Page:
- An Evelyn Waugh Website
Readers and students of Brideshead Revisited and the Sword
of Honour trilogy need look no further than David Cliffe's
richly detailed reference.
- Evelyn Waugh Newsletter and Studies and The Evelyn Waugh Society
An active international community of Waugh scholars is at work online. For excellent articles unavailable
elsewhere and for details of the 2008 Evelyn Waugh Conference, bookmark these two sites.
to Face" 18 June 1960
Four valuable recordings from Waugh's famous BBC interview with
John Freeman. RealPlayer required.
Asked once what he did for his college Waugh replied, "I
drank for it." A short biographical sketch that pays particular
attention to Brideshead (naturally) and the Sword
of Honour trilogy but falls disappointingly silent about
his undergraduate excesses.
10 June 1999
Taken from the official record of debate in the Houses of Parliament,
here Lord Longford recalls Waugh at lunch with Sir William Beveridge,
founder of the welfare state.
Waugh: The Height of His Powers
High praise for the unjustly overlooked Put Out More Flags.
A contemporary review from 1928. Included here for novelty value
rather than for any penetrating insight into the text, it reads
back like the work of Harry Enfield's Mr Cholmondely-Warner. Even
features the word 'agreeable'.
headful of dust - Nicholas Lezard in The Guardian
Newspaper article celebrating Penguin's 1999 reissue of The
Ordeal of Gilbert Pinfold.
F Deedes: Like Boot of The Beast
Extracts from Lord Deedes' memoir At
War With Waugh were published in the Telegraph - here's the first.
Good list of the novelist and poet's selected works, plus rudimentary
Connolly by William Boyd
"It is closing time in the gardens of the West and from now
on an artist will be judged only by the resonance of his solitude
or the quality of his despair..."
Waste Land by T S Eliot as hypertext
At times as bewildering to navigate as the poem itself - not least for being cluttered with Google ads and useless pop-ups - this fascinating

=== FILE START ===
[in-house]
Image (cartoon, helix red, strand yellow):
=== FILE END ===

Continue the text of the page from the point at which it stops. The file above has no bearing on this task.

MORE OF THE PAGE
site annotates Eliot's masterpiece of 'rhythmical grumbling'.
"The Waste Land" set the tone for Waugh's literary generation
and captured the mood of the one before it: Anthony Blanche bawls
the lines through a megaphone in Brideshead Revisited and the poem was the source of the title A Handful of Dust.
- Aldous Huxley
- Soma Web
Best of the Internet's Huxley sites, with an extensive list of
links and bibliography. Dominated by discussion of Brave
New World, but that's life.
Lewis and 'anti-pathos'
Purists may dispute the matter, but the resemblance to Waugh must
be clear to any reader who's ever picked up The Apes of
- Anthony Powell Resources Page
A huge and comprehensive site dedicated to this fine novelist,
friend of Waugh and Oxford contemporary.
- Anthony Powell - Powell's Way
Terrific essay by Christopher Hitchens located on the New
York Review of Books website. Concentrating on A
Dance to the Music of Time, Hitchens touches on the Tory
novelist instincts shared to some extent by Waugh, while making
clear the essential differences between the two writers.
(H H Munro) - The Chronicles of Clovis
All twenty-eight short stories are available here on-line. This
is Saki's best-known collection and includes "Tobermory", "Sredni
Vashtar" and "The Jesting of Arlington Stringham".